JJA: Authenticity in the Danish context is about how honest they are with children. There are no taboo topics. They read books that talk about death and sex and that don’t always have a happy ending. This is happening already from when they are very young. What I discovered in the research was that this is building empathy and resilience because life doesn’t always have a happy ending. We, as adults, have deemed what is appropriate for kids to hear or read, but Danes see kids as extremely competent from birth. They believe it is the parents job to be honest with them in an age appropriate way.
Reframing is just an amazing skill they teach their children who grow up to do it naturally. It was something I was aware of in the culture and I could see how much our language changes how we feel. If we change our words we change our lives and children mirror this. I think learning empathy and reframing has changed my life the most -not just as a parent but as a person.
SSP: Why do you think it is so natural for some parents to go the “Because I say so” or “If you don’t do…, then…” routes?
JJA: For the same reason it is natural for some parents to spank. Because that is what their parents did. Parenting is one of the hardest jobs in the world and yet the one job for which (for the most part) we get no training in. So, of course we do what our parents did a lot of the time because we have no other point of reference. That is why it is SO important to examine your own default settings and choose one or two things you want to change and stick to those. For me, it was spanking. I was spanked as a child so it would have been natural for me to do it. Sometimes it has been hard not to do it in times of desperation (because it is so engrained in me). I don’t blame myself for thinking of it, but I am very proud of myself for controlling myself. It is only because I examined my own default settings (what my parents did) that I was able to really change from authoritarian to authoritative.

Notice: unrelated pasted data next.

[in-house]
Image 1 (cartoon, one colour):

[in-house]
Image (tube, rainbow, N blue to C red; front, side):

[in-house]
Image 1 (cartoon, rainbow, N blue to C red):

SSP: Of all the tips, and suggestions you provide throughout your book, what have been the most useful in your own day-to-day parenting?
JJA: Teach respect, be respectful and you will be respected.
SSP: While the book and its contents fall neatly into the P A R E N T acronym, have there been some parenting outliers that did not find a place in the letters, that may just as well be considered a Danish quality pertaining to parenting?
JJA: Oh yes! There are a couple of big ones and I am writing about them right now. Stay tuned for the next book
SSP: As a self-confessed “nonmaternal woman”, considering your own journey as a parent, how far do you think you have come during and since writing this book? How did writing this book change your own perspectives (if it did), or reaffirmed what you believed to be good and right about American parenting, or help you develop your own hybrid style?
It has completely and utterly changed my life. It has made me a better person. I am so much more aware of how our language matters, how to use empathy and how to reframe situations. It is a constant work in progress but I can honestly say I am happier for it.
SSP: Has your Danish husband adopted what one might traditionally call a more “American” parenting style? Would you give us some examples of how you may have combined parenting styles (neither American nor Danish) or do you strictly only follow the Danish way?
JJA: That is an interesting question. Well we have a plastic tree for Christmas not a real tree 🙂 That is not at all Danish. Probably in the consumer side of things we are more American. If it were up to him, we would have all Scandinavian designed things but we don’t. We also don’t eat strictly Danish food. However, on the parenting side, we are very aligned. I still learn from him on a regular basis. We learn from our kids. I would say I am pretty converted to the Danish Way overall in terms of raising kids. He has never imposed any ideas on me. I came to this realization on my own that I found it to be a really healthy philosophy.
To be continued…
Our review of The Danish Way of Parenting
Our interview with Sara Zaske, author of Achtung Baby
Our review of Achtung Baby